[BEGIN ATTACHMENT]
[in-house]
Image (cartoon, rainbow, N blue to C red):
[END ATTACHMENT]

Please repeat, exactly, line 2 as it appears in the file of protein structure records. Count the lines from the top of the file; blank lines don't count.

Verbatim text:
Image (cartoon, rainbow, N blue to C red):